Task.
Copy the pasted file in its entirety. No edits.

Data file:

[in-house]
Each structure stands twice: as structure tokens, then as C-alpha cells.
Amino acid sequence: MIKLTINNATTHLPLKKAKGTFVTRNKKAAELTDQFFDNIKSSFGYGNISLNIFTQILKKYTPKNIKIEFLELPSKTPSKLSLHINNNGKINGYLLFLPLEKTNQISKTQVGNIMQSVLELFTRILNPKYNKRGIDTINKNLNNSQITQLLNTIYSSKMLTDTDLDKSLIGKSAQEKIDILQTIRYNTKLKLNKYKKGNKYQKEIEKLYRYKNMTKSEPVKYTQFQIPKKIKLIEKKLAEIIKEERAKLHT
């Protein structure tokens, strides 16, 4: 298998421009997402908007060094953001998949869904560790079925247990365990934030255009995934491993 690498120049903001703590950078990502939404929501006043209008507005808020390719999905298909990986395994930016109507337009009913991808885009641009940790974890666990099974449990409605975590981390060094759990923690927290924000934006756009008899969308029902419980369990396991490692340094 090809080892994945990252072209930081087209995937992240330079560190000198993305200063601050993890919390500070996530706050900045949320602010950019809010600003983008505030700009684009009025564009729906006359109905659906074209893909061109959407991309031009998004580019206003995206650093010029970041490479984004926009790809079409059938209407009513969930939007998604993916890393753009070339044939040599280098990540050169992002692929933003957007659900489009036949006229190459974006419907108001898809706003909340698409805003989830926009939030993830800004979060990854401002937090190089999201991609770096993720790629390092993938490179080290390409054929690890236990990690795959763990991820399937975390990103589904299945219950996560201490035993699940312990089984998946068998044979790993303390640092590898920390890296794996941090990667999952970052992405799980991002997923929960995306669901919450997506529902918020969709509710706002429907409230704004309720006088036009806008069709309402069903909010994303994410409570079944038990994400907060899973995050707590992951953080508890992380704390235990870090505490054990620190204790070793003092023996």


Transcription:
[in-house]
Each structure stands twice: as structure tokens, then as C-alpha cells.
Amino acid sequence: MIKLTINNATTHLPLKKAKGTFVTRNKKAAELTDQFFDNIKSSFGYGNISLNIFTQILKKYTPKNIKIEFLELPSKTPSKLSLHINNNGKINGYLLFLPLEKTNQISKTQVGNIMQSVLELFTRILNPKYNKRGIDTINKNLNNSQITQLLNTIYSSKMLTDTDLDKSLIGKSAQEKIDILQTIRYNTKLKLNKYKKGNKYQKEIEKLYRYKNMTKSEPVKYTQFQIPKKIKLIEKKLAEIIKEERAKLHT
């Protein structure tokens, strides 16, 4: 298998421009997402908007060094953001998949869904560790079925247990365990934030255009995934491993 690498120049903001703590950078990502939404929501006043209008507005808020390719999905298909990986395994930016109507337009009913991808885009641009940790974890666990099974449990409605975590981390060094759990923690927290924000934006756009008899969308029902419980369990396991490692340094 090809080892994945990252072209930081087209995937992240330079560190000198993305200063601050993890919390500070996530706050900045949320602010950019809010600003983008505030700009684009009025564009729906006359109905659906074209893909061109959407991309031009998004580019206003995206650093010029970041490479984004926009790809079409059938209407009513969930939007998604993916890393753009070339044939040599280098990540050169992002692929933003957007659900489009036949006229190459974006419907108001898809706003909340698409805003989830926009939030993830800004979060990854401002937090190089999201991609770096993720790629390092993938490179080290390409054929690890236990990690795959763990991820399937975390990103589904299945219950996560201490035993699940312990089984998946068998044979790993303390640092590898920390890296794996941090990667999952970052992405799980991002997923929960995306669901919450997506529902918020969709509710706002429907409230704004309720006088036009806008069709309402069903909010994303994410409570079944038990994400907060899973995050707590992951953080508890992380704390235990870090505490054990620190204790070793003092023996």